The Band Perry goes Gold, Platinum
Monday, January 14, 2013
– The Band Perry reached two major RIAA sales honors, the band announced Monday.
The sophomore project's lead single, Better Dig Two, was certified Gold - selling more than 700,000 - and marks their fastest-rising single to date at country radio.
You Lie from the trio's platinum-plus-selling, self-titled debut album, has now sold more than 1 million copies, achieving Platinum status.
Throughout the spring, the band will perform as special guests on Rascal Flatts' Changed Tour TBP's new show stops this weekend in Sioux City, Ia. (Jan. 17); Tulsa, Okla. (Jan. 18) and Wichita, Kansas (Jan. 19).
The Band Perry will release its second disc on April 2 on Republic Nashville.
More news for The Band Perry
CD reviews for The Band Perry
Sports fans may be familiar with the term "sophomore slump," where a player has an excellent rookie season, but then struggles mightily in his second. With "Pioneer," The Band Perry demonstrates that the phrase can carry over to the music world as well. Where the group's debut was quirky and showed real potential, their second release takes some artistic steps backwards while developing a more mainstream sound.
The lead single and opening track, Better Dig Two, also »»»
The Band Perry (full length CD)
Image-wise, the siblings of The Band Perry are aiming squarely at the youth market. Sister and lead singer Kimberly has a Taylor Swift thing going on, with big curly blonde hair, while brothers Neil and Reid could be Jonases as easily as Perrys. Their musical style trends young, as well. There's an element of bluegrass in the music, but it's often more of a grace note on top of the pop-rock guitars and drums that remain the focus of the album.
Lyrically, the songs also offer a »»»
The Band Perry
The Band Perry gets its name from the fact that all three of its members are siblings. There's Kimberly Perry, who sings lead, in addition to playing piano and guitar. Her brother Reid Perry is the bassist, while Neil Perry plays drums, mandolin and accordion. The centerpiece song of this five-track EP is the single If I Die Young, which is made all the more striking by the fact that it's also sung by a young lady. Being young is usually no time to contemplate death - leave that to the old folks. »»»
Editorial: Walking the talk
When names like Hank Williams, Johnny Cash, Waylon and the Hag are invoked, you're talking hard core country. These are the touchstones of country , the guys who made country music what it was and still is (or maybe can be). When these folks would sing about being down-and-out and the rough-and-tumble, they knew of what they were singing about. Fast forward a few years to the country singers of today. »»»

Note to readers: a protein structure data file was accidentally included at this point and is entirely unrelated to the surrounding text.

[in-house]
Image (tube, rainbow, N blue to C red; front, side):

Concert Review: Hard Working Americans more than live up to moniker
Hard Working Americans is a generic enough sounding term, conveying that you're part of the lunch bucket crowd. Part of a faceless pack instead of an individual. In reality, it's something of a misnomer for the sextet of the same name heretofore considered a side project. That's because they or in most cases, their other... »»»
Concert Review: Wolf rolls on with ease
Peter Wolf starts off his first disc in six years, "A Cure for Loneliness," with "Rolling On." Great title for a song, and as he would prove in concert, he lived up to those words.
The song starts "You can lay down and die / You can lay up and count the tears you've cried / But baby, that's not me / There's a... »»»
Country News Digest
Elsewhere in the news
Currently at the CST blogs
James Reams is one of bluegrass music's unconventional stalwarts. A son of Kentucky, Reams' journey has taken any number of unusual pathways since the mid-seventies. Producing albums for more than 20 years, Reams' ninth release of personable bluegrass, "Rhyme and Season," is a relaunch for Reams, an artist who has never followed a singular route.
After scoring a 2015 IBMA nomination for Best Bluegrass Album for "Cold Spell," Frank Solivan tried something a little different this time around - an album of songs recorded by "Family, Friends and Heroes" (Compass). In an earlier musical life, Solivan served as stalwart in Country Current, the Navy's touring bluegrass band. Solivan left the service and formed Dirty Kitchen, a hat-tip to his background and continuing efforts as a chef.... »»»
Aubrie Sellers just may be onto something on her debut - garage country. After all, we've already witnessed traditional country, new country, neo-traditional, country rock, pop country and bro country. Sellers, a 25-year-old Nashvillian with a big time musical pedigree who released her debut, "New City Blues," in January, said the moniker came to mind as her bio was being written.... »»»
If I'm Honest
Blake Shelton makes it abundantly clear that this is not going to be a light-hearted listen, despite his public demeanor. "I have never recorded a more personal or reflective album in my career," Shelton wrote on the cover insert. He said the 15-song release "touches both the highs and low of past year of my life." »»»
For those who remain unaware of Darrell Scott, "The Couchville Sessions" is an ideal starting place. Long one of "rock, folk, country (and) blues" (to misquote the lead track, "Down to the River") most esteemed sidemen (Robert Plant's Band of Joy, Guy Clark, Steve Earle), collaborators (Tim O'Brien) and songwriters ("Long Time Gone," "You'll Never Leave Harlan Alive"), Scott has been making outstanding Americana albums... »»»